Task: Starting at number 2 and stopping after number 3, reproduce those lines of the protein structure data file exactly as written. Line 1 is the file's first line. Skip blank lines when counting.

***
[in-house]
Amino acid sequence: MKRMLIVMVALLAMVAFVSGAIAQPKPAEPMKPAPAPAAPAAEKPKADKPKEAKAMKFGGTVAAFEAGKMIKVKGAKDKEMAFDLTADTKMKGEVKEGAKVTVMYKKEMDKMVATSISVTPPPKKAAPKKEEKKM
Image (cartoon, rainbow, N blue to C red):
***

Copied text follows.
Amino acid sequence: MKRMLIVMVALLAMVAFVSGAIAQPKPAEPMKPAPAPAAPAAEKPKADKPKEAKAMKFGGTVAAFEAGKMIKVKGAKDKEMAFDLTADTKMKGEVKEGAKVTVMYKKEMDKMVATSISVTPPPKKAAPKKEEKKM
Image (cartoon, rainbow, N blue to C red):